A gathering of elders on the Saanich Peninsula

Saanich Peninsula First Nations preparing for thousands at Elders Gathering.

39th Elders Gathering King and Queen

Saanich Peninsula’s First Nations communities are getting ready to welcome thousands of elders from across B.C., Washington State and Alberta in the 39th annual Elders Gathering.

They expect around 2,000 elders to come to the Peninsula, together with many members of their families and caregivers. It’s estimated that there could be as many as 5,000 people coming to the area for the July 7-9 Elders Gathering.

Preparing the way for them is a huge undertaking — a challenge happily accepted by the Tsawout First Nation and a committee of volunteers and leaders from all four aboriginal communities on the Saanich Peninsula.

It’s mainly a social gathering, says Mavis Underwood, but there’s more to it.

“The event is a way for elders and their families to reunite with others they haven’t seen for a long time,” Underwood says.

And some may never see family again, she notes, as their age may preclude another meeting. And while the Gathering will focus mostly on socialization, Underwood says there are more serious aspects.

“For some, it can be about healing and recovery between the generations. It’s a chance to share the strengths of the elders, a way to pass on their knowledge to another generation.”

Underwood, from Tsawout, is one of the main organizers and has taken on a lead role for the community. Her own mother, 86-year-old Geraldine Underwood, is an elder and the oldest in her community. The area’s oldest elder, she notes, is 95-year-old Bea Elliott of the Tsartlip nation. In all, there are around 120 elders in the Tsawout, Tsartlip, Pauquatchin and Tseycum aboriginal communities.

“There’s a big social aspect to an Elders Gathering,” says Underwood.

Organizer Perry LaFortune, who made the successful bid in 2013 to bring the Elders Gathering to the Peninsula, adds there’s always a political aspect to the event — from health care and recognition of wartime service, to the overall social justice movement within Canada’s aboriginal community.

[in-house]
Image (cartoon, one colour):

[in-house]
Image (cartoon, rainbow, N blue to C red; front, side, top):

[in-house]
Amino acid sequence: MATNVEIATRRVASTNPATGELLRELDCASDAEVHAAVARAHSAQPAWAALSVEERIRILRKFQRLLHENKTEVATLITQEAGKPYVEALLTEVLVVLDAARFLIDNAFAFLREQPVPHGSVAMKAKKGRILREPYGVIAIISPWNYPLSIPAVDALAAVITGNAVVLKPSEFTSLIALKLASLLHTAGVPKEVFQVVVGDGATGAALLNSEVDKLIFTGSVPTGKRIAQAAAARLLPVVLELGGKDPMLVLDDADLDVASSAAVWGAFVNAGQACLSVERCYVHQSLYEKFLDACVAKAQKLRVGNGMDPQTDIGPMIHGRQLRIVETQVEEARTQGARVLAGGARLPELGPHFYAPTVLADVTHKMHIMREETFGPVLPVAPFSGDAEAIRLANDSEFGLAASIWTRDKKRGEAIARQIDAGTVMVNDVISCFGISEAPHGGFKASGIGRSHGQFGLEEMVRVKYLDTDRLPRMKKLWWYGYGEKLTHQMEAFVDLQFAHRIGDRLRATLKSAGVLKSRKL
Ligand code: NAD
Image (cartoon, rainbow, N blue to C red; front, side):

“It’s not supposed to be political,” adds Underwood, “but social change is always a part of our lives.”

A variety of workshops will be on offer during the Gathering — discussing languages, story-telling and more. LaFortune notes there will also be a lot of outings planned, from trips up-Island to whale-watching tours.

“For a lot of people, this will be the first or only time they’ll be on the Island,” he said. “We expect some will come before and stay longer after.”

Having seen the 38th Elders Gathering, hosted by the Penticton Indian Band, the organizers know what people are in for — and how much work it’s going to be to get ready over the next five months.

Helping reach out to local elders, potential sponsors and other partners will be Doug and Kathy LaFortune — the King and Queen of the 39th Elders Gathering.

Doug says the Coast Salish tradition never saw kings and queens, calling the roles more ambassadors than royalty.

“There’s a saying among North American aboriginals,” Doug says, “that when people are travelling, you don’t ask if they’re hungry, you just feed them.”

That’s the spirit behind the Elders Gathering, which will feature an elders feast on July 7 and a grand entry celebration on July 8. It all takes place in the tennis facility at Panorama Recreation Centre — one of the only places big enough to host such a large group of people.

“Our main goal is for this to be a social event that we hope they will not forget for a long time,” says Perry.

To that end, the organizers are reaching out to the business community, seeking sponsorships to help make the event a success.

Every little bit helps, adds Underwood, including the $91 they raised in a spontaneous gesture in a local elders’ meeting.

Tonight (Jan. 30) there will be a loonie-toonie fundraiser at the Tsawout First Nation band office. It runs from noon to 6 p.m. and beyond — a meal starts at 6 with prize draws to follow.

Another loonie-toonie event is set for Feb. 27 at the same place and time, says Underwood.

Organizers of the 39th Elders Gathering on the Saanich Peninsula have a lot of work yet to do but they’re staying positive and hope that energy lasts throughout this summer’s big event.

Learn more about the Elders Gathering at bcelders2015.ca or look for the 39th Annual B.C. Elders Gathering 2015 on Facebook.

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